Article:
[IN THE SUPREME COURT OF INDIA]
Hon'ble Arjit Pasyat & Hon'ble S. H. Kapadia, JJ.
Appeal (Civil) 2595-2596 of 2000
Civil Appeal nos. 2597-2598 of 2000
Star Paper Mills Ltd.
State of U.P. & Ors.
Date of Decision : 19th September, 2006
Constitution-Article 226-Scope for dismissal of Writ on the ground of alternate remedy.
Whether the High court was justified in dismissing the Writ Petition under Article 226 of the Constitution on the ground that alternate remedy was available?
The Hon’ble Apex Court has expressed its views as follows:
“Except for a period when Article 226 was amended by the Constitution (42nd Amendment) Act, 1976, the power relating to alternative remedy has been considered to be a rule of self imposed limitation. It is essentially a rule of policy, convenience and discretion and never a rule of law. Despite the existence of an alternative remedy it is within the jurisdiction of discretion of the High Court to grant relief under Article 226 of the Constitution. At the same time, it cannot be lost sight of that though the matter relating to an alternative remedy has nothing to do with the jurisdiction of the case, normally the High Court should not interfere if there is an adequate efficacious alternative remedy. If somebody approaches the High Court without availing the alternative remedy provided the High Court should ensure that he has made out a strong case or that there exist good grounds to invoke the extra-ordinary jurisdiction.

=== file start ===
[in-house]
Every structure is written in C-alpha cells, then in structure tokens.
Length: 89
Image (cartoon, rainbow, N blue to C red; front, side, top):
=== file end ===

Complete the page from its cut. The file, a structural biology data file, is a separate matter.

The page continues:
8. Constitution Benches of this Court in K.S. Rashid and Sons v. Income Tax Investigation Commission and Ors. (AIR 1954 SC 207); Sangram Singh v. Election Tribunal, Kotah and Ors. (AIR 1955 SC 425); Union of India v. T.R. Varma (AIR 1957 SC 882); State of U.P. and Ors. v. Mohammad Nooh (AIR 1958 SC 86); and M/s K.S. Venkataraman and Co. (P) Ltd. v. State of Madras (AIR 1966 SC 1089), held that Article 226 of the Constitution confers on all the High Courts a very wide power in the matter of issuing writs. However, the remedy of writ is an absolutely discretionary remedy and the High Court has always the discretion to refuse to grant any writ if it is satisfied that the aggrieved party can have an adequate or suitable relief elsewhere. The Court, in extraordinary circumstances, may exercise the power if it comes to the conclusion that there has been a breach of principles of natural justice or procedure required for decision has not been adopted.